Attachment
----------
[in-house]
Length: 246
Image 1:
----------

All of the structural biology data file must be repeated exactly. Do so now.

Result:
[in-house]
Length: 246
Image 1: